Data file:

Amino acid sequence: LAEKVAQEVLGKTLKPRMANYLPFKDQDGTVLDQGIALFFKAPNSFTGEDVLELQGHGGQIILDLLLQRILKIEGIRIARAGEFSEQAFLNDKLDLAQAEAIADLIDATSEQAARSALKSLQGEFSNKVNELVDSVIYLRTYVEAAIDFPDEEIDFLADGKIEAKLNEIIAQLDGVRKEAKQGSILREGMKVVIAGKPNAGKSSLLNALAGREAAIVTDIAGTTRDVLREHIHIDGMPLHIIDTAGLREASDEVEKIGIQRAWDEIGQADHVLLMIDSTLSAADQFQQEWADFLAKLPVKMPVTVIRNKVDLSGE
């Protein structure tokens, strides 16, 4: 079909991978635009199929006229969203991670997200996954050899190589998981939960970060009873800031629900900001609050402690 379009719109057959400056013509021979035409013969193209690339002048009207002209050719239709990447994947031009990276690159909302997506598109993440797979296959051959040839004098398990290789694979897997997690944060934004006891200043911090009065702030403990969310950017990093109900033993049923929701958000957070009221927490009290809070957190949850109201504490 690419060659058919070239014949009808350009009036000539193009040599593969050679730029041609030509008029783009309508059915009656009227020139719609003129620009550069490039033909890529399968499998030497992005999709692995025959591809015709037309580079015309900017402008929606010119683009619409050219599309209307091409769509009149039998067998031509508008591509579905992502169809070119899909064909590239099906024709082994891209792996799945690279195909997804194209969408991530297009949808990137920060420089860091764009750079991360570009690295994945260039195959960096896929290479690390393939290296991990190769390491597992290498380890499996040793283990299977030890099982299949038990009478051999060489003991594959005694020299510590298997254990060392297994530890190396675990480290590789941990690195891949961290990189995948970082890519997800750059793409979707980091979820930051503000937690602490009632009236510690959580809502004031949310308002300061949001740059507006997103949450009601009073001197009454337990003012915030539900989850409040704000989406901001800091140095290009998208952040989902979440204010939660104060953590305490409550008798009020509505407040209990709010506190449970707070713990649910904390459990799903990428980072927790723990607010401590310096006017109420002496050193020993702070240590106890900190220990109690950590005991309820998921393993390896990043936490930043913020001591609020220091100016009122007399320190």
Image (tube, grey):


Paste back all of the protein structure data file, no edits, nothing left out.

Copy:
Amino acid sequence: LAEKVAQEVLGKTLKPRMANYLPFKDQDGTVLDQGIALFFKAPNSFTGEDVLELQGHGGQIILDLLLQRILKIEGIRIARAGEFSEQAFLNDKLDLAQAEAIADLIDATSEQAARSALKSLQGEFSNKVNELVDSVIYLRTYVEAAIDFPDEEIDFLADGKIEAKLNEIIAQLDGVRKEAKQGSILREGMKVVIAGKPNAGKSSLLNALAGREAAIVTDIAGTTRDVLREHIHIDGMPLHIIDTAGLREASDEVEKIGIQRAWDEIGQADHVLLMIDSTLSAADQFQQEWADFLAKLPVKMPVTVIRNKVDLSGE
């Protein structure tokens, strides 16, 4: 079909991978635009199929006229969203991670997200996954050899190589998981939960970060009873800031629900900001609050402690 379009719109057959400056013509021979035409013969193209690339002048009207002209050719239709990447994947031009990276690159909302997506598109993440797979296959051959040839004098398990290789694979897997997690944060934004006891200043911090009065702030403990969310950017990093109900033993049923929701958000957070009221927490009290809070957190949850109201504490 690419060659058919070239014949009808350009009036000539193009040599593969050679730029041609030509008029783009309508059915009656009227020139719609003129620009550069490039033909890529399968499998030497992005999709692995025959591809015709037309580079015309900017402008929606010119683009619409050219599309209307091409769509009149039998067998031509508008591509579905992502169809070119899909064909590239099906024709082994891209792996799945690279195909997804194209969408991530297009949808990137920060420089860091764009750079991360570009690295994945260039195959960096896929290479690390393939290296991990190769390491597992290498380890499996040793283990299977030890099982299949038990009478051999060489003991594959005694020299510590298997254990060392297994530890190396675990480290590789941990690195891949961290990189995948970082890519997800750059793409979707980091979820930051503000937690602490009632009236510690959580809502004031949310308002300061949001740059507006997103949450009601009073001197009454337990003012915030539900989850409040704000989406901001800091140095290009998208952040989902979440204010939660104060953590305490409550008798009020509505407040209990709010506190449970707070713990649910904390459990799903990428980072927790723990607010401590310096006017109420002496050193020993702070240590106890900190220990109690950590005991309820998921393993390896990043936490930043913020001591609020220091100016009122007399320190």
Image (tube, grey):